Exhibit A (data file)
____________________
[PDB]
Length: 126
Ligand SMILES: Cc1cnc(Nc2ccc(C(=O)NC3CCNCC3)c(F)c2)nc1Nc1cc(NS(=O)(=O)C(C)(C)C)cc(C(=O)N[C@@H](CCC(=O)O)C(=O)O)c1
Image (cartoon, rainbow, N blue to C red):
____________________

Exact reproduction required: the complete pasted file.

[PDB]
Length: 126
Ligand SMILES: Cc1cnc(Nc2ccc(C(=O)NC3CCNCC3)c(F)c2)nc1Nc1cc(NS(=O)(=O)C(C)(C)C)cc(C(=O)N[C@@H](CCC(=O)O)C(=O)O)c1
Image (cartoon, rainbow, N blue to C red):